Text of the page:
Culture Magazine

In Praise of Embarrassing Rock Stars

By Cilaw

Reviewing The 1975’s Glastonbury set, the Daily Telegraph called Matt Healy a “future, slightly embarrassing rock star” for speaking up about Brexit. The general drift of the review was positive but it adhered to the unwritten law of music journalism that requires critics to sneer at musicians who express a moral view in public.

nme 1975

It’s a threadbare trope rendered transparent by the events of the past week.

Whether you agree with Matty’s criticism of the “sentiment of anti-compassion… among older people who have voted in a future that we don’t fucking want” or not, there is nothing embarrassing about him expressing an opinion.

What is embarrassing is leaders like Nigel Farage who use lies, fear and hatred to incite anxious, underprivileged people to vote against their own best interests.

What is embarrassing is politicians like David Cameron who precipitate the biggest political crisis in British history then waltz away and leave us to deal with the fallout.

What is embarrassing is the explosion of racism in a modern, multicultural country.

What is embarrassing is when good people say nothing.

“I’m just a pop star,” Matty told the Glastonbury crowd. “What do I know?” It would have been easy for him to stop there. We all do it. I’m just a ____. What do I know?

Politicians and powermongers count on our diffidence. They count on us to second-guess ourselves while they lie, steal, scheme, cheat, and abuse. They count on us being fearful and defensive. They count on us being too worried about being cool to speak.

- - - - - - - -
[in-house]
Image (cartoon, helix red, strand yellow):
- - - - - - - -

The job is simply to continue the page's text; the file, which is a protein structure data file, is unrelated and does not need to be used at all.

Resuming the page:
Which makes what happened next brave and beautiful: “It is appropriate for me to say this, because I’m here,” Matty said. “And Glastonbury stands for everything that our generation wants. Equality. Compassion. Social responsibility. Unity. Community. Fucking loving people.”


In Kris Kristofferson’s blues masterpiece ‘To Beat The Devil’ a broke guitar player meets the devil in a tavern. Satan tells him he’s wasting his time, nobody cares what a lonely singer has to say. The young man sees the truth in the devil’s argument: most people are gripped by fear and inertia. Most don’t want to be reminded that they have the power to change. But he gathers his guitar and courage: “The devil haunts a hungry man/If you don’t wanna join him, you gotta beat him.” He pledges to keep singing to the indifferent world saying, “I won’t ever die ashamed.”


As a rainbow ribboned the steely Somerset sky The 1975 launched into ‘Loving Someone’. It might not sound like a protest song, but it is. Politics are no recourse against the manipulations of power and hate. We marched against the war in Iraq, for nothing. We resisted tuition hikes and benefits cuts, for nothing. We fought Brexit, for nothing. Excuse us for thinking protests and polls are part of a rigged game.

What’s left?

What Matty said: “Compassion. Fucking loving people.”

That, and refusing to be silent. When words are inadequate is precisely when we need them most. So here’s to “embarrassing rock stars” and to anyone who speaks up for love.

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